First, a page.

The current system of agricultural subsidies isn’t right, least of all fair, according to The Great Cotton Stitch-Up, a new report by the Fairtrade Foundation on the perniciousness of doling out free cash to first-world farmers at the expense of the world’s poorest growers.
Cotton-growing nations in West Africa lose $250 million in income because of the price-dampening effect of subsidies.
Together, the United States and European Union bestowed roughly $31.45 billion over the past nine years on their cotton farmers. By artificially depressing the global price of cotton, industrialized nations make it nearly impossible for West African farmers to cover their living costs, let alone lift themselves from poverty.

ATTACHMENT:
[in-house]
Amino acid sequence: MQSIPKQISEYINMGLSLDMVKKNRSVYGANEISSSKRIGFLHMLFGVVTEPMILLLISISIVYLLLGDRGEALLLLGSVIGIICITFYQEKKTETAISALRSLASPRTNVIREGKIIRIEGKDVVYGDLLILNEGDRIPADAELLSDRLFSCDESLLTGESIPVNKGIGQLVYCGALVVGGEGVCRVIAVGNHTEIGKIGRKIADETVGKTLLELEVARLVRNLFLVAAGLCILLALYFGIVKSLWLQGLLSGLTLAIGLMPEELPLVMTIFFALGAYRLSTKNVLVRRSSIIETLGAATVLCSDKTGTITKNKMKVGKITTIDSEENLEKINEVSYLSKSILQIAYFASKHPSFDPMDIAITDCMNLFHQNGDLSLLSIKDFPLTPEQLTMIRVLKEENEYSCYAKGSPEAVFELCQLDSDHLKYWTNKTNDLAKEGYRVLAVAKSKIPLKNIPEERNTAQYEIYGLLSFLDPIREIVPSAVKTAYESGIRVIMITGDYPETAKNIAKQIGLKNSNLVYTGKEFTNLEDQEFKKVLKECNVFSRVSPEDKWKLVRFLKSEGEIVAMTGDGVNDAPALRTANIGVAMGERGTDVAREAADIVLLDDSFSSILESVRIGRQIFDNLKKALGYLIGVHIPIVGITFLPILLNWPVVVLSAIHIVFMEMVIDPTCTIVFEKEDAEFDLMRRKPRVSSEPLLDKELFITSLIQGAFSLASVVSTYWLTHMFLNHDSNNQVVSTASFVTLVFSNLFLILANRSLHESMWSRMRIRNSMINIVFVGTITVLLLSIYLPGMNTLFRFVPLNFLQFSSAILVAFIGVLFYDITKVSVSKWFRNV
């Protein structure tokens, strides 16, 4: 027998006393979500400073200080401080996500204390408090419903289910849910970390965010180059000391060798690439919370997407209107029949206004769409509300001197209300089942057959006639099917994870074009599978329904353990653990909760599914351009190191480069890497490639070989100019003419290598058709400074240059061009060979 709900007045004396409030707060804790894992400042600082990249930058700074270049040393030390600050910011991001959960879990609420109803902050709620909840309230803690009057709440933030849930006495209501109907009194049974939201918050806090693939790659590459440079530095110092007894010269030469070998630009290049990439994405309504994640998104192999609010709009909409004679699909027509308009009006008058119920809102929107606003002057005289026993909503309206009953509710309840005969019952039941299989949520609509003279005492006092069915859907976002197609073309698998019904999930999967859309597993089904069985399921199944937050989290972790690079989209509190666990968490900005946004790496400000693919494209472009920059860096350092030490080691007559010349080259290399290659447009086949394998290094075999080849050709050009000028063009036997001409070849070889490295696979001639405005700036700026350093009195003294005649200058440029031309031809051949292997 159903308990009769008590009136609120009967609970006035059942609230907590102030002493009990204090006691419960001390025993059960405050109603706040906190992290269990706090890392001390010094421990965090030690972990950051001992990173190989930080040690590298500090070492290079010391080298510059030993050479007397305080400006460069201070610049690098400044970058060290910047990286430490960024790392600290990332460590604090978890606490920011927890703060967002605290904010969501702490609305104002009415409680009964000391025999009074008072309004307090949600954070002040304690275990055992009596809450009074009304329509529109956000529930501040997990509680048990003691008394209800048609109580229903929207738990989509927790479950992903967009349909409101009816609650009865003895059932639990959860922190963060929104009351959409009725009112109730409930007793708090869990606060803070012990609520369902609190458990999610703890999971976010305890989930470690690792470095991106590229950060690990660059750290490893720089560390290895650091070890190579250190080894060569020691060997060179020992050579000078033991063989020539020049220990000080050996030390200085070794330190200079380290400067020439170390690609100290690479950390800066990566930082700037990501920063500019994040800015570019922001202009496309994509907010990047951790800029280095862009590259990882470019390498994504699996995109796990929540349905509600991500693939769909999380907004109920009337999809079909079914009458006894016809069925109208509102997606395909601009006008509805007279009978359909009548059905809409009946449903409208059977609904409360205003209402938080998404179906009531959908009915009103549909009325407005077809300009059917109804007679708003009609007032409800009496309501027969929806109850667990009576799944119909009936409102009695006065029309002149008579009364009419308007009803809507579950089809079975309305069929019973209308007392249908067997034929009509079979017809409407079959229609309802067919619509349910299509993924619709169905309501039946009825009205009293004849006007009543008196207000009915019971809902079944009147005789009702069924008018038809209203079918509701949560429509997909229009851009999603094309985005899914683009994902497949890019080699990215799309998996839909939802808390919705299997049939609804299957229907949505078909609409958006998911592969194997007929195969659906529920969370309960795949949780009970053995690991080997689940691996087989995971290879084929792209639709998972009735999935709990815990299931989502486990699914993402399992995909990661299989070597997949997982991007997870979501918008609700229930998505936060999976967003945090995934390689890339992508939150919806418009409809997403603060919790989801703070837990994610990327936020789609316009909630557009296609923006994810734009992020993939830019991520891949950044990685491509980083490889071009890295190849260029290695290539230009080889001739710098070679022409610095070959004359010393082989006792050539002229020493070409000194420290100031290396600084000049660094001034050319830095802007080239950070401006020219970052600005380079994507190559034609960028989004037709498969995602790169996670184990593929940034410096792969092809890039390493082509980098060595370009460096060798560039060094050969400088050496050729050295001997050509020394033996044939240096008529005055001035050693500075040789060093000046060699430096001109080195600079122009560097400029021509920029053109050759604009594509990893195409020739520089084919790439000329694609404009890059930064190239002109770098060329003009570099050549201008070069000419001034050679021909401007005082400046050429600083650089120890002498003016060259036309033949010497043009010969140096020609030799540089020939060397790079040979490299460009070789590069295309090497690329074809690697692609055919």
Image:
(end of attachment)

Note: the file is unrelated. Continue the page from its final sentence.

Cotton-growing nations in West Africa lose approximately $250 million in income because of the price-dampening effect of subsidies, the report notes, before quoting Michael Nkonu, director of Fairtrade Africa. “The global trade system works against the interests of the world’s poorest farmers,” Nikonu says. “Cotton is cheaper to produce from West Africa than anywhere else. But subsidies from rich power blocks stop West African farmers getting a fair price. It is a situation that needs to change and the time for change is now.”